When we decided to publish "Great Education Moves," and now "Rebound," we were already at stage nine in this qualifying system. We had already undergone many years of experiences in the course of our research which led us to see and understand how destructive current educational practices are to every child exposed to them. So when people wrote to us and said that there is nothing wrong with today's schools, we realized that we had a serious problem. 'There was a time in the history of modern medicine when physicians did not realize the importance of washing their hands before assisting a woman in the delivery of her baby. Physicians were going from the autopsy room, where they were dissecting cadavers, directly to the delivery room without stopping to wash their hands. These physicians just assumed that the high rates of infant mortality and maternal infection and death were just a normal part of the practice of obstetrics. Then, a physician figured out that there was this stuff called bacteria, which could be carried on the physicians' unwashed hands and which could cause women and children to die unnecessarily in the process of childbirth.
For a long time, physicians did not want to believe that washing their hands be fore going into the delivery room could be so significant. They went right on going from the autopsy room to the delivery room without washing their hands, even though all the evidence in physical reality suggested that washing their hands could save the lives of women and infants.
The fact that Americans are now complaining about the low test scores of American children as compared to the test scores of children from other major industrial nations is not an indicator that Americans are recognizing problems with the educational system. It is only a sign that Americans think there is a problem with test scores.
Now, we are trying to tell people that educators are infecting children with deadly forms of mental and emotional bacteria, and that they had better start washing their hands. There are a lot of people who are trying to tell us that it is not cost effective to change educational practices and that our ideas are idiotic. They say that it is too inconvenient to change what is happening in schools, just as it was too inconvenient for physicians to have to wash their hands before entering the delivery room. After all, patients die all the time, so what is the big deal? Are you people at Gentle Wind afraid of having a few patients die?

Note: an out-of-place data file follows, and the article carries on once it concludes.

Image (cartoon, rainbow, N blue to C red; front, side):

When people at this stage write us with these foolish opinions and prognostications along with their undocumented personal points of view, we have no alternative except to kick them in the butt with an unpleasant response. We try to determine how damaged these people are and what action can be taken to jolt them out of these disturbed idea systems which allow them to believe that it is okay for teachers to destroy generations of children as long as what the teachers are doing is convenient for them (the teachers) and appears to be cost effective. We found, however, that these people were just too far gone and there was nothing that we could do to help them. All we can do is devote our newsletters to homeschooling parents and homebirthers who somehow have enough of themselves still intact to be able to use our research findings effectively.